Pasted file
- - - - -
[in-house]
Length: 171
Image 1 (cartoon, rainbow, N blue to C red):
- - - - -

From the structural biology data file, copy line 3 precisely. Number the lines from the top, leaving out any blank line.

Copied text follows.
Image 1 (cartoon, rainbow, N blue to C red):